The 17 SDGs address global issues such as poverty, inequality, and peace and justice. They provide our libraries an actionable framework to help improve the communities we serve. Many libraries are already engaged in work that supports the SDGs such as providing programs and services to address social justice or provide quality education to underrepresented groups. By starting with our individual libraries, we can build stronger community partnerships that can lead to real change.

What activities do you have planned around this, and what have you learnt already?

OCLC Global Council currently has two main activities supporting the SDGs. First, we are partnering with OCLC Research to conduct a global library survey on the SDGs, with a focus on the five goals that we feel libraries can impact the most:

  • SDG 4: Quality education
  • SDG 8: Decent work and economic growth
  • SDG 10: Reduced inequalities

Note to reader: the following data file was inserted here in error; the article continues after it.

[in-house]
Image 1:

• SDG 16: Peace, justice, and strong institutions
  • SDG 17: Partnerships for the goals

The purpose of the survey is to understand better how libraries around the world are working to use and support the SDGs. The survey is open now through 31 January 2021 so that all library types and sizes can participate. I’d like to invite all IFLA colleagues to take the survey and share your perspectives on the SDGs using the link below, and of course to encourage your own colleagues to respond and pass on their perspectives.  A published report of findings will be made available in June 2021.

SURVEY:  Global Libraries and SDGs
Deadline: 31 January 2021

OCLC Global Council is also hosting a series of online webinars, Sustainable development and libraries: Global goals, collective action, focused on how libraries around the world are thinking about or using the SDGs to inform their libraries strategic plans. The series consists of five thought-leadership conversations, with the next one taking place on 9 February 2021.